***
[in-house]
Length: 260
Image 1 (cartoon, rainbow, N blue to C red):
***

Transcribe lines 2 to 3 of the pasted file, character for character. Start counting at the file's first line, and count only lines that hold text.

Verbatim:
Length: 260
Image 1 (cartoon, rainbow, N blue to C red):